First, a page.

Los Zetas Profile
Formed by a group of deserters from the Mexican Army Special Forces, the Zetas are one of the most powerful cartels, with cells that span the Mexican Gulf Coast and strong connections in both the U.S. and Guatemala. Under the leadership of Heriberto Lazcano Lazcano “el Lazca” the organization is involved in a number of illicit activities and has a reputation as arguably the most brutal drug trafficking organization (DTO) in the world.
History and Overview
“The Zetas have become something of a myth like Pancho Villa…their origins are obscure, and no one knows how many there are.”
– Howard Cambell Professor of Anthropology, University of Texas El Paso
In 1997, 31 members of the Special Forces Airborne Group (GAFES), Mexico’s elite counterpart to the U.S. Special Forces broke rank to work for Oselio Cardenas, a rising star in Mexico’s extensive criminal underworld. Cardenas, the leader of the Gulf Cartel (CDG), recruited these specialists led by their commander Arturo Guzman Decana (code name “Z-1”) with the intention of using them as his personal enforcement wing in a bitter war against his rivals, the Sinaloa Cartel. His actions fundamentally altered the landscape of Mexico’s ongoing drug war. The Zetas, as this private army became known, employed brutal terrorist tactics and dared to challenge the Mexican Military. Their methods of intimidation included videotaped beheadings, the assassination of high ranking politicians and government officials, and the massacre of civilians. Moreover, the Zetas hit their targets with military precision.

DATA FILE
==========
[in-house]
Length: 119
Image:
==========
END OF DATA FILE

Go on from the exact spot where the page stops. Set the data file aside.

“For the first time in Mexican history, we had a military unit operating like a drug trafficking organization (DTO). In Mexico, it’s normally the other way around”
– Sam Logan, International Relations and Security Network (ISN)
The Zetas quickly went to work recruiting police officers and members of the armed forces to expand their ranks beyond the original band of 31. New prospects underwent rigorous training in secret camps set up throughout the Mexican countryside. Pushing further still, the Zetas reached into Central America, enlisting soldiers from the Kabiles, Guatemala’s Special Forces, to serve as their hit men.